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High Time by Hannah Rothschild: The Forsyte Saga meets Kind Hearts and Coronets

An entertaining dissection of the very British obsessions with money, class and scandal

Hannah Rothschild: House of Trelawney is her second comic novel about a ghastly, rich family
High Time
High Time
Author: Hannah Rothschild
ISBN-13: 978-1526656858
Publisher: Bloomsbury
Guideline Price: £16.99

The funny thing about comic novels is that most of them aren’t funny at all. Hannah Rothschild offered an exception to this rule with her last book, House of Trelawney, a hilarious tale of a multigenerational family, historically ennobled, but now living on the breadline, rather like the chatelaines of British castles forced to throw open the doors to hoi polloi in order to pay for the two-bar electric heater they use to keep themselves warm in what used to be the boot room.

Rothschild has returned to the Trelawneys in High Time, the focus moving to Ayesha, the illegitimate daughter of the much-admired Anastasia, and her husband, Sir Thomlinson Sleet, a multibillionaire known as the Vulgarian, and whose personal motto is “Missing any opportunity to make money is a deadly sin”.

Relations between the couple have reached a low point with Sleet planning on divorcing his trophy wife while Ayesha, learning that marriages performed by sea captains have no legal basis outside The Love Boat, fears that she and her daughter will be left destitute. Naturally, she wants to put some money aside to keep the wolf from the door but she’s also intent on saving Trelawney Castle, the ancestral home whose doors were never opened to her. She just needs to raise £145 million to do so and, in a rather simple but surprisingly credible turn of events, quickly turns her meagre savings into the required fortune.

As with the earlier novel, Rothschild writes with great esprit, hurling jokes on to the page with all the gusto of the Phantom Flan Flinger, and while the reader’s sympathies are directed towards the artistic and devotedly maternal Ayesha, one can’t help but note that she didn’t marry her billionaire husband for his looks or amiability. This is a man, after all, who gets through four or five boxes of pencils a day because, in order to keep his temper at bay and ward off panic attacks, he’s been advised by his doctor to snap as many in half as he can.

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It’s hard not to feel that the novel has been influenced by Succession, with Sir Thomlinson a version of Logan Roy, just without the charm, and his closest assistants, Rodita and Donna, representing the Gerri-Karl-Frank triumvirate, soaking up their master’s abuse like a group of masochistic sponges. However, while the humour in the television show lurks subtly beneath a dark façade, Rothschild’s is all on the surface which, as the novel progresses, can become a little exhausting. It soon becomes hard to care about the fate of a crumbling castle in Cornwall or the anxiety of having a nest egg of less than £50 million, although a fascinating section on art forgery lifts the narrative considerably. However, if you believe there are few things more dreary than the world of cryptocurrency, then you will not be disabused of that notion here.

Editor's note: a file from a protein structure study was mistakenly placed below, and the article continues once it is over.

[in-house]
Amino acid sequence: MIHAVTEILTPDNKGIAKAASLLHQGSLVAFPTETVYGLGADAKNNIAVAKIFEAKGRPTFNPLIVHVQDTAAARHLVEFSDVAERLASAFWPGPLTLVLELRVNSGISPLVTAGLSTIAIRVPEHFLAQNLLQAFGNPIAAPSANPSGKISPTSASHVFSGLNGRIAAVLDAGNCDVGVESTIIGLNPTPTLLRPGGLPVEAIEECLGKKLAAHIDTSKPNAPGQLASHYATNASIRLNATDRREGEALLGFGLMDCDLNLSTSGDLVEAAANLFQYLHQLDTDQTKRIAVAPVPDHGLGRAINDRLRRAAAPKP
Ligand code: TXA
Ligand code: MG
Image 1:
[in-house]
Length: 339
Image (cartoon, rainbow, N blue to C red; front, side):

One gets the sense that Rothschild is working on a series of novels, rather like Elizabeth Jane Howard’s Cazalet Chronicles, centring on different family members each time

The highlight of the novel is Clarissa, the octogenarian matriarch and the sort of woman who would view the Mountbatten-Windsors as a family of boorish bourgeois arrivistes. She gets the best lines and is easily the most outrageous character in a parade of grotesques. Her marriage to an elderly Italian duke who can ‘make love in seven languages’ builds to a hilarious climax and it’s rather a shame that their interplay is cut tragically short.

One gets the sense that Rothschild is working on a series of novels, rather like Elizabeth Jane Howard’s Cazalet Chronicles, centring on different family members each time. What Howard understood, however, is that each novel in a sequence needs to have its own integrity without specific reference to its predecessors. I recall Tuffy, Kitto, Toby and others from the earlier book, but their brief appearances here, trailing literary backstory, might confuse those who have not yet made their acquaintance.

Should The Forsyte Saga and Kind Hearts and Coronets meet on some metaphysical plane of existence and spawn a novel, then High Time might very well be its title. It’s an entertaining dissection of the very British obsessions with money, class and scandal, but the best comic novels — Lucky Jim, Catch-22, and, indeed, Rothschild’s earlier book — recognise that the jokes should serve the plot, not the other way round. High Time is a lot of fun, and it did make me laugh, but when the merriment ends, one does want to be left with more to think about than the lifestyles of the rich and ghastly.

  • John Boyne’s latest novel is All the Broken Places (Penguin).
John Boyne

John Boyne

John Boyne, a contributor to The Irish Times, is a novelist and critic